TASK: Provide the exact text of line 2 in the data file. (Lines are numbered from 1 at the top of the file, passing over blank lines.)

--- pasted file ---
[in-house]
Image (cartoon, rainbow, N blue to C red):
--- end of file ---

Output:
Image (cartoon, rainbow, N blue to C red):